Little Pill,

Big Consequences

“Combined hormonal contraceptives — most birth control pills, the patches, and the rings — are associated with an increased risk of deep vein thrombosis,” emphasized Andra James, MD, an obstetrician/gynecologist and professor of obstetrics and gynecology at the University of Virginia School of Medicine in Charlottesville. Estrogen appears to be the primary connection between birth control pills and DVT. “If you use combined birth control pills, your risk is two to six times higher than if you don’t," she said.

All birth control pills elevate a woman’s DVT risk and some formulations carry greater risk than others, concluded a review of data from 26 clinical studies, published in the March 2014 issue of Cochrane Database of Systematic Reviews.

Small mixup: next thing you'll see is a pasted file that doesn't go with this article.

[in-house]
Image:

Birth control pills raise a woman's risk of getting the blood clots of deep vein thrombosis.


In fact, the risk from birth control pills could be quite a bit higher. Women using birth control pills could have up to eight times the risk for DVT, according to data in “The Surgeon General's Call to Action to Prevent Deep Vein Thrombosis and Pulmonary Embolism.”

Madeline Vann, MPH